Prospects for adoptive immunotherapy of pancreatic cancer using chimeric antigen receptor-engineered T-cells

Doraid Alrifai, Debashis Sarker*, John Maher

*Corresponding author for this work

Research output: Contribution to journalArticlepeer-review

8 Citations (Scopus)


Adoptive immunotherapy using chimeric antigen receptor (CAR) engineered T-cells is emerging as a powerful new approach to cancer immunotherapy. CARs are fusion molecules that couple the antibody-like binding of a native cell surface target to the delivery of a bespoke T-cell activating signal. Recent studies undertaken by several centers have demonstrated highly compelling efficacy in patients with acute and chronic B-cell malignancies. However, comparable therapeutic activity has not been achieved in solid tumors. Modern management of pancreatic ductal adenocarcinoma (PDAC) remains ineffective, reflected in the virtual equivalence of annual incidence and mortality statistics for this tumor type. Increasing evidence indicates that these tumors are recognized by the immune system, but deploy powerful evasion strategies that limit natural immune surveillance and render efforts at immunotherapy challenging. Here, we review preclinical and clinical studies that have been initiated or completed in an effort to develop CAR-based immunotherapy for PDAC. We also consider the hurdles to the effective clinical development of this exciting new therapeutic modality.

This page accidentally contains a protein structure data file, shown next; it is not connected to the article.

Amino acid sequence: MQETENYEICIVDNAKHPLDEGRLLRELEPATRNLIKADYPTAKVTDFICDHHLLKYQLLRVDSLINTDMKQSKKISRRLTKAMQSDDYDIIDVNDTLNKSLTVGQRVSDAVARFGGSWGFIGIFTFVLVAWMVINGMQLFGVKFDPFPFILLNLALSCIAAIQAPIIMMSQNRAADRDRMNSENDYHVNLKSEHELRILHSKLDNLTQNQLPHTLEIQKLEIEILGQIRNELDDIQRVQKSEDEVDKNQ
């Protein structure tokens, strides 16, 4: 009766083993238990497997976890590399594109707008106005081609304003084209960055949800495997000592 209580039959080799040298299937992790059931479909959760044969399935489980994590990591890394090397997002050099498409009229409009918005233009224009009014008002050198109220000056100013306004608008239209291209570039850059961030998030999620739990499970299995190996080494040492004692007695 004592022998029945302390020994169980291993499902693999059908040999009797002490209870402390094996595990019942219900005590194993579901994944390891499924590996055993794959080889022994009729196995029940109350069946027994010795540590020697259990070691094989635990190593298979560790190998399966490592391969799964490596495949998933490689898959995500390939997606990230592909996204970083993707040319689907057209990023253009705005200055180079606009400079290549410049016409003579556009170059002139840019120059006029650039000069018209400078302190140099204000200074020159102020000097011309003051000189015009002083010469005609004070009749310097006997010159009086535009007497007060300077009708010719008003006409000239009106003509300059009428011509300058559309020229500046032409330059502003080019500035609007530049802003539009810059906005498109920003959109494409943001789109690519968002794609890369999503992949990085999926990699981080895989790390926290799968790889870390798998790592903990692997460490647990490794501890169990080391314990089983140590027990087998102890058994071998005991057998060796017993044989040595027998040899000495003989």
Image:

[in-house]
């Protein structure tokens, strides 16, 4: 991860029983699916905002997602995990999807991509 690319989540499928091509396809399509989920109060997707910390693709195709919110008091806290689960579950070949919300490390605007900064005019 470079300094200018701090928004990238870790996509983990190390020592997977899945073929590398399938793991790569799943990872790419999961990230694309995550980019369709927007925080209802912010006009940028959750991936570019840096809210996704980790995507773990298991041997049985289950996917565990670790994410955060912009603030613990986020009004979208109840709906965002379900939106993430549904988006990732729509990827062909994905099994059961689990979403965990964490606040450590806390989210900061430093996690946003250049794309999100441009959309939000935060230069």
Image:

Original languageEnglish
Pages (from-to)50-60
JournalImmunopharmacology and Immunotoxicology
Issue number1
Early online date16 Oct 2015
Publication statusPublished - Feb 2016


  • Chimeric antigen receptor
  • engineered T-cell
  • pancreatic ductal adenocarcinoma
  • tumor-infiltrating lymphocyte


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